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Behav Res Ther. 2005 Aug;43(8):1019-27. Epub 2004 Oct 19.

Psychiatric correlates of childhood shyness in a nationally representative sample.

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1
Department of Psychiatry, University of Manitoba, Winnipeg MB, Canada R3E 3N4. coxbj@cc.umanitoba.ca

Abstract

Relations between adult anxiety and mood disorders and retrospective reports of excessive childhood shyness were investigated in the US National Comorbidity, Survey (n=5877). Results indicated that 26% of women and 19% of men described themselves as 'very shy' when they were growing up. Of these shy individuals, 53% of women and 40% of men met criteria for a lifetime diagnosis of one or more anxiety or mood disorders. Relations between excessive shyness and each of the anxiety and mood disorders were examined after adjusting for elevated neuroticism, self-criticism, and low maternal care. The largest odds ratios were found for social phobia in both men and women, particularly for the complex subtype of this disorder. Significant associations also emerged for posttraumatic stress disorder in women and for major depressive disorder in men. Childhood shyness remained significantly associated with a lifetime history of social phobia when individuals with current (past year) social phobia were excluded from the analysis. The results of this study suggest that childhood shyness is strongly related to the complex subtype of social phobia in the general population. Excessive shyness does not appear to be strongly associated with other anxiety and mood disorders when related psychosocial and developmental dimensions are statistically controlled. Finally, many individuals who report excessive childhood shyness do not meet criteria for any anxiety or mood disorder. In a similar fashion, approximately 50% of individuals with a lifetime history of complex social phobia did not view themselves as very shy when growing up.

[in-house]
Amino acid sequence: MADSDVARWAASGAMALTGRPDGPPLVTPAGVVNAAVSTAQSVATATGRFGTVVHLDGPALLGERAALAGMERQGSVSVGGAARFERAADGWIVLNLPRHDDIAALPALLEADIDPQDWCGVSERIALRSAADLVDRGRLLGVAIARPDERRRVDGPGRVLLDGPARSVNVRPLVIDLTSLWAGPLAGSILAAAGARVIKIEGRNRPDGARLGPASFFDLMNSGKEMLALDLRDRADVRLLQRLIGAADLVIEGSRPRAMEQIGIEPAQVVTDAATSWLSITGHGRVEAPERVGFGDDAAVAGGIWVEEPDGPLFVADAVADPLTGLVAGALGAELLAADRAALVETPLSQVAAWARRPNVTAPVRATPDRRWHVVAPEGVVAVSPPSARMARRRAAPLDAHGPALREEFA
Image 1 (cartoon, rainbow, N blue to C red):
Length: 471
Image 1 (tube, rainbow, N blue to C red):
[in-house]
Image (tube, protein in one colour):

PMID:
15967173
DOI:
10.1016/j.brat.2004.07.006
[Indexed for MEDLINE]
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